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47“天国又好像一个网,撒在海里,网到各样的鱼。




47Again, the kingdom of heaven is like unto a net, that was cast into the sea, and gathered of every kind:
47 Verse 47. Is like unto a net] A drag-net. This is the proper

meaning of σαγηνη, which the Latins translate verriculum, a sweep

net; Quod in aquam jacitur ad pisces comprehendendos; imprimis,

cujus usus est extrahendis iis a fundo. MARTINIUS. "Which is cast

into the water to catch fish, and the particular use of which is

to drag them up from the bottom." As this is dragged along it

keeps gathering all in its way, both good and bad, small and

great; and, when it is brought to the shore, those which are

proper for use are preserved, and those which are not are either

destroyed or thrown back into the water.



By the net may be understood the preaching of the Gospel of the

kingdom, which keeps drawing men into the profession of

Christianity, and into the fellowship of the visible Church of

Christ. By the sea may be represented that abyss of sin, error,

ignorance, and wickedness in which men live, and out of which they

are drawn, by the truth and Spirit of God, who cordially close in

with the offers of salvation made to them in the preaching of the

Gospel.



By drawing to shore, may be represented the consummation of all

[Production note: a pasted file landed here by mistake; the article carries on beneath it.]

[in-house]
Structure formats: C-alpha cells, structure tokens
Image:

things, see , when a proper distinction shall be made

between those who served God, and those who served him not; for

many shall doubtless be found who shall bear the name without the

nature of Christ. By picking out the good, and throwing away the

bad, , is meant that separation which God shall make

between false and true professors, casting the former into hell,

and bringing the latter to heaven.



Instead of τακαλα the good, the Cod. Bezae, and five copies of

the old Antehieronymian, or Itala version, read τακαλλιστα,

the best, the very best. Every reader would naturally hope that

this is not the true reading, or that it is not to be understood

literally, as it seems to intimate that only the very best shall

be at last saved.



It is probable that this parable also refers, in its primary

meaning, to the Jewish state, and that, when Christ should come to

judge and destroy them by the Roman power, the genuine followers

of Christ only should escape, and the rest be overwhelmed by the

general destruction. See , &c.